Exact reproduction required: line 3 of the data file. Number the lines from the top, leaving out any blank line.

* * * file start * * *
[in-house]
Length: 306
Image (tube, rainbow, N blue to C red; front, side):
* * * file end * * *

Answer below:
Image (tube, rainbow, N blue to C red; front, side):